EA's BioWare division bought out an entire commercial pod in Sunday's NFC Championship game on Fox to run a full two-minute trailer touting the highly anticipated "Mass Effect 2" game, hitting the market on Tuesday.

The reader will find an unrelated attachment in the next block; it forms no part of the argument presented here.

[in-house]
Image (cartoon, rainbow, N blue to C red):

NEW YORK TIMES iPad Blurs Line Between Devices After months of feverish speculation, Steven P. Jobs introduced Wednesday what Apple hopes will be the coolest device on the planet: a slender tablet computer called the iPad. For all the hoopla surrounding it, however, the question is whether the iPad can achieve anything close to the success of the iPhone, which transformed the cellphone and forced the industry to race to catch up. Apple is positioning the device, some versions of which will be available in March, as a pioneer in a new genre of computing, somewhere between a laptop and a smartphone. "The bar is pretty high," Mr. Jobs acknowledged. "It has to be far better at doing some key things." Half an inch thick and weighing 1 1/2 pounds, the device will vividly display books, newspapers, Web sites and videos on a 9.7-inch glass touch screen. Giving media companies another way to sell content, it may herald a new era for publishing. But the iPad, costing $499 to $829, also lacks some features common in laptops and phones, as technology enthusiasts were quick to point out. To its instant critics, it was little more than an oversize iPod Touch. A camera is notably absent, and Flash, the ubiquitous software that handles video and animation on the Web, does not work on the device